Giants in History: Fazlur Rahman Khan

The Einstein of structural engineering 

Fazlur Rahman Khan (03 April 1929 - 27 March 1982)

Bangladesh, United States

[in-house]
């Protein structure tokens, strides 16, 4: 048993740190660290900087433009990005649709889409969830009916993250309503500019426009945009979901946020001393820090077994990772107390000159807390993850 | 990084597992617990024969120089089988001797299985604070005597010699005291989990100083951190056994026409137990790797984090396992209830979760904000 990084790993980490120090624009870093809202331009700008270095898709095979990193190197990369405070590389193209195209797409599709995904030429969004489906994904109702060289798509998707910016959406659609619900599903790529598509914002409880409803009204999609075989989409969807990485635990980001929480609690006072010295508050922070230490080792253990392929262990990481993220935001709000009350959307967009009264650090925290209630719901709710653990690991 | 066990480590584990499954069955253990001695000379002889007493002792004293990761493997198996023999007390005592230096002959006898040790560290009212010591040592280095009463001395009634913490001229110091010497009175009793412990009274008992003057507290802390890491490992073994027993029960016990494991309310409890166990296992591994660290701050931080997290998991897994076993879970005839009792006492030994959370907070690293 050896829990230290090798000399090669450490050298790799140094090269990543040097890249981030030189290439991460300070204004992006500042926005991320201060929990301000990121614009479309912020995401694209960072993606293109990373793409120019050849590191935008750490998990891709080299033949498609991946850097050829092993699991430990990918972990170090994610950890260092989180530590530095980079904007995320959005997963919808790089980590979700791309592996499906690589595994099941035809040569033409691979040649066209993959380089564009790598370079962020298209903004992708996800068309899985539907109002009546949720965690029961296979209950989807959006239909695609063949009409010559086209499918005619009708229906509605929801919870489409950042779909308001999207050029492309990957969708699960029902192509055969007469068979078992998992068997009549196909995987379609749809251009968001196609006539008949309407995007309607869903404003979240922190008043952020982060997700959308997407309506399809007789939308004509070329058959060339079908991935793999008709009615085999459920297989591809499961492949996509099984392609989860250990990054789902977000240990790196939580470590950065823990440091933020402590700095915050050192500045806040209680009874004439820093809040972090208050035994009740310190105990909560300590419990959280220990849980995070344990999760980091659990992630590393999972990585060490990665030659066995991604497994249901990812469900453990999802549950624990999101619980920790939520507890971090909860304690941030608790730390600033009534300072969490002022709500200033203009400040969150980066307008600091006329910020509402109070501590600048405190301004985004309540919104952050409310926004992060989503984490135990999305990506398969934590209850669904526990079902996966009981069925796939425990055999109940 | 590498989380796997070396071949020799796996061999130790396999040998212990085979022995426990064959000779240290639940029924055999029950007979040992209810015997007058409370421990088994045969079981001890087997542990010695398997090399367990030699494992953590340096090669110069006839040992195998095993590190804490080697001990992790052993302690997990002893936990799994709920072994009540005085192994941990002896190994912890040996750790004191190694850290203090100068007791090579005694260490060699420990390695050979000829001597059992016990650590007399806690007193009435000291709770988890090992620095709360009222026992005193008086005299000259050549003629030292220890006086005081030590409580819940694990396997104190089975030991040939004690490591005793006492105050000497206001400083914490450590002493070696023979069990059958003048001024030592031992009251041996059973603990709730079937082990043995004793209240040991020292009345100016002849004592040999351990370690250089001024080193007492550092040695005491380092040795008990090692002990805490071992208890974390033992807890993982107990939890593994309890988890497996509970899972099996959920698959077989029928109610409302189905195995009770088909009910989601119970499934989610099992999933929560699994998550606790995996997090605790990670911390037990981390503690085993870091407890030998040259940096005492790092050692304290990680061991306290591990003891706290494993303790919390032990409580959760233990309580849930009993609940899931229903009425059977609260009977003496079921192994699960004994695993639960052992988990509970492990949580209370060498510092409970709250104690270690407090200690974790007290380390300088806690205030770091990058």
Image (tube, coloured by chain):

Fazlur Rahman Khan (3 April 1929 – 27 March 1982) was a Bangladeshi-American structural engineer and architect who invented the tube principle, which formed the basis for modern skyscraper design. He proposed that instead of designing structures around a solid core, the perimeter walls of high-rise buildings should resemble a thin hollow cylinder. His design enabled towers to withstand forces such as strong winds or earthquake vibrations and also significantly reduced construction costs and environmental impacts. Khan was also a pioneer in computer-aided design (CAD), in which computers are used to create, modify, analyse and optimize a design. Khan designed Chicago’s Sears Tower, since renamed Willis Tower, the tallest building in the world from 1974 to 1998 and the 100-story John Hancock Center. For his innovative contributions to modern skyscraper design, Khan is known as the Einstein of structural engineering.